Thus, the rise of militarist rhetoric and actions aimed at isolating Transnistria from the Ukrainian side – attempts have been made to increase security at border crossings and close off the republic with a defensive ditch. What's more, back in March 2014, all Russian male citizens between the ages of 18 and 65 with permanent residency in Transnistria were refused entry into Ukraine. According to local residents, exceptions are few and far between, and only concern journeys being made in certain circumstances (medical treatment, funerals). 

In this sense, it was only a matter of time before the issue of Russian military transit became a political football. In the current circumstances, this move looks like a demonstration of national unity, patriotism, and resolve to resist the 'aggressor'. 

Breaking the status quo

The Rada will not be condemned by its Western partners for its actions; indeed, it will be seen in the context of resistance to the 'imperial machinations' of the Kremlin. Russian diplomats, however, now speak of Kyiv's (and Chișinău's) violation of agreements and the breakdown in the former status quo.

In other circumstances, this argument might be accepted (or at least wouldn't provoke criticism in return). But when not only Ukraine, indeed the entire West, views Russia as having violated international law (the 1994 Budapest Memorandum, and the1997 Russia-Ukraine agreement), this is more than problematic. And although BRICS countries (and Russia's allies in the Eurasian Economic Union) are not blocking Russia's position, they are yet to recognise Crimea's new status. In this situation, international understanding is limited to Narendra Modi's willingness to receive Sergei Aksyonov of Crimea, in the Russian Federation's delegation to India. 

What will Moscow's reaction to the actions of Kyiv and Chișinău be? Potentially, Moscow could raise the stakes – from a re-evaluation of Transnistria's status to increased military hardware supply. At a push, they may even 'surrender' Transnistria (the latter option comes up every time Moscow gets into difficulties on the Nistru).

The Soviet-inspired state symbols of Transnistria, or the Pridnestrovian Moldavian Republic, in Tiraspol. cc Dl.goe The Soviet-inspired state symbols of Transnistria, or the Pridnestrovian Moldavian Republic, in Tiraspol. cc Dl.goe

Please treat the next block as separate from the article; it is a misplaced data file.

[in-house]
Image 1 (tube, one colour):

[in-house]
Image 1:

But the 'exit' scenario looks unlikely. Firstly, it gives no guarantees that this 'surrender' will be the last. Leaving the Nistru won't stop the calls to 'return Crimea' or stop the 'occupation' of Abkhazia and South Ossetia. Secondly, neither Brussels nor Washington have any desire to recognise Crimea in return for Russia leaving other parts of the former USSR. At least, these desires have not been made public. If they were, they would amount to a recognition of the post-Soviet space as a site of Russian special interest, highlighting the limits of American global hegemony. 
 
No, we are more likely to face a choice between the visions of two representatives of the Russian foreign ministry: on the one hand, the possible re-evaluation of Transistria's status should Moldova change its neutrality (an idea proposed by Foreign Minister Sergei Lavrov) and, on the other, the joining of Transnistria to Moldova as a 'special region' (proposed by Deputy Foreign Minister Grigory Karasin). And all this is happening against the background of Vladimir Putin's declaration of the necessity of keeping the 5+2 format.

Lessons from the past

The increasing isolation of Transnistria is unpleasant, but far from fatal. For Russia, the issue of maintaining the Operative Group could be solved at the expense of the local residents holding Russian passports. But what then? 

Perhaps the experience of the Cold War (the Berlin Airlift) may come in handy in this new historical era. The problem then would become one of military hardware and logistics, so avoiding the most controversial issue – status, which depends directly on the level of confrontation between Russia and the West, where people are inclined to view any change in the status quo by the Russian Federation as a plan to increase its sphere of influence in Eurasia rather than a reaction. As a result, responses are ever more aggressive.

However we choose to see the situation – how far it is grounded in fact, and how far it is the product of artificial fears – is not perhaps the main problem. If we choose to avoid the most controversial issue of status, Moscow will not be able to ignore its social obligations; and it is this that appears to be one of the most immediate consequences of Transnistria's increasing isolation.

Editor's note: This article originally appeared on politcom.ru in Russian. 

About the author

Sergei Markedonov is Associate Professor at the Russian State University for the Humanities

Read On

William H. Hill. Russia, the Near Abroad, and the West: Lessons from the Moldova-Transdniestria Conflict (John Hopkins University Press, 2012).